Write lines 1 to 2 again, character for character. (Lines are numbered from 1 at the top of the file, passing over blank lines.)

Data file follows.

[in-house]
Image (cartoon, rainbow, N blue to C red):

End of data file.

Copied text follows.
[in-house]
Image (cartoon, rainbow, N blue to C red):